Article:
Tara about to make a massive life and death decision. (Photo courtesy of Gene Page/AMC)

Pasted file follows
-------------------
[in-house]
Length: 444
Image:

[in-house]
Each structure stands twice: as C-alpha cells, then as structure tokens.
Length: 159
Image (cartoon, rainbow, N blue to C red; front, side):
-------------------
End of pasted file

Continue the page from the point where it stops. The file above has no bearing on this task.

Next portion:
At the junkyard, Rick, Michonne, Rosita, Tara and Gabriel hand over the 63 guns that they have collected to Jadis and the Scavengers. This leaves Jadis unsatisfied and she states that they will require more guns before they will get involved in the Savior conflict. Rosita butts in and wants to end the deal, but Rick strikes up an agreement with Jadis that will allow them to keep some of the guns so that they can go out and collect more for the Scavengers. He also negotiates to keep the metal cat that he stole for Michonne; if that isn’t some next level true love, I don’t know what is. After returning to Alexandria, Tara makes her way to meet with Rick to possibly reveal the existence of Oceanside to him. Also, Rosita has carelessly left her watchpost and made her way to the Hilltop, reuniting with Sasha to gain a partner for a reckless and ill-timed assault on Negan’s compound. On the condition that she will be the one to take the final shot at Negan, Sasha agrees to join up with Rosita. She hands Sasha a sniper rifle and mentions that she has Carl and Daryl’s recollections of the Sanctuary memorized in her head. Sasha declares that they cannot be taken alive by the Saviors during their attack and Rosita reiterates this by proclaiming “It’s a one way ticket for both of us.” Both know that this is a suicide mission, but the chance of eliminating Negan proves to be enough for them to sacrifice everything. While this development does make me feel better about Rosita’s irritating storyline, I now have to make a grim prediction that one or both will meet their end before the season is over. While Rosita has been more blunt with her rage, Sasha has been slyly preparing herself for an independent retaliation, even going so far as to tell Enid to take care of Maggie. While Sasha has proven time and time again that she is a near-perfect shot, Negan just may be the one shot that she misses. I’m reminded of what Michonne told Tyreese back in Season 4 after he lost Karen; “Anger makes you stupid, stupid gets you killed.”